This is a notoriously difficult profession to enter and it’s always great to hear success stories. Here are seven top tips from James Cotton. James is a Warwick Film and TV Studies alumnus, with his own successful film production business. He is currently working on his second feature film. He came back to Warwick recently to share his story and here are his top tips as collected and put together by my colleague Susan Johnstone.
1. Be involved in student film.
James was an active member of the Warwick film community, culminating in him being President of Warwick Student Cinema. He advocates getting as much experience as possible, both on campus and away from it.
One essential if you are going to make your own films is to organise insurance before you start. Stay safe and follow industry practice. Make shorts, or offer to help other students who are working on shorts. Develop networks; they may be extremely useful in the future! Very importantly, put some time and budget put aside to really develop the sound quality. Bad sound is what often lets student productions down.
2. Find yourself internships.
It’s important to gain experience on a set in some way. After Warwick, James interned with a producer and at two renowned companies in the industry. He was able to access scripts and get an insight into what was happening in the film industry. Check out who’s making films now and try to get involved. You’ll get a better understanding of how it all works. Look for internships in different areas of the business.
You might consider a production company, or work with a specific person, perhaps a director or a producer. You might also work in a film finance company, in a sales agency, with a film distributor or an exhibition/marketing organisation. Any of these will allow you to develop relevant and transferable skills for your future career. You could also think about literary agencies, these represent writers and therefore deal with scripts.
3. Get a driving licence and work experience!
After his internships James carried on gaining experience by working freelance for a couple of years, in various roles. He recommends having a driving licence! Getting to places at short notice, and showing willing to do entry level crew jobs, can lead from one job to the next. You’ll gradually build up experience and an understanding of the industry.
4. Be prepared for further study.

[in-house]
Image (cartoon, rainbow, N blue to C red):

James studied for an MA in producing at the National School of Film and Television.
5. Think lateral.
Most current students aspire to work in the high profile occupational areas in the film industry – director, cinematographer, producer or screenwriter. James suggests that there are many other roles you might want to seek out and consider. How’s this for a list?
Executive Producer, Line Producer, Production Manager, Unit Manager, Production Designer, Production Sound Mixer, Editor, Colourist, Script Editor/Consultant, Agent, Lawyer, Stills Photographer, Publicist, SFX, VSX. Don’t forget other roles in the Camera Department, the Electrical Department, the Art Department, Make-up and Costume. Then there’s, Location Manager, Casting Director, Transportation, Continuity…the list goes on.
The sound for a film is as important as the visuals, and there are numerous roles involved here too. Many are technology-based, including Dialogue Editing and Foley. Experience with post-production houses can be very useful for this.
Making a film involves a lot of people. It starts with a script and moves into pre-production. The making of the film, post production, and the delivery to the audience are all processes which involve numerous employees. Even when the film is made and ready to go, there are still more roles. Think Sales agents and Distributors (UK and overseas), Exhibitors, Retailers – the list seems almost inexhaustible. We’ve not even mentioned the Actors…
A total of 2964 people worked on “Avatar” even “The Kings Speech” employed 398! That’s lots of opportunities, plenty of different routes and lots more specialisms than you might have expected.
6. Follow relevant organisations.
When you’re seeking your first experience on a film set, some organisations to look out for and follow on Facebook are The Callsheet, Production base, Shootingpeople, and Talent Circle. There are others, as well as hundreds of Production Companies that may be contacted individually for work experience – do some research on line to identify your target list and get speculating….. Don’t forget to keep up to date with news from regional screen agencies too.
7. Take the leap!
After producing numerous short films, James felt that he could declare himself a film producer, and produced his first feature film, Powder Room. James is producing his second feature this summer, and has also made a foray into education, setting up Micro-Budget Mentor with fellow producer, Stephen Follows. They run courses aiming to help empower filmmakers/producers with relevant industry knowledge that can fill the skills gap between making short films and an understanding of delivering a commercial feature film to market.